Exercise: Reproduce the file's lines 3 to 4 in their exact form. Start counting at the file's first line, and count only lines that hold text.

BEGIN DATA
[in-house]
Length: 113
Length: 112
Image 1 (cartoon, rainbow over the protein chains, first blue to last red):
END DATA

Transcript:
Length: 112
Image 1 (cartoon, rainbow over the protein chains, first blue to last red):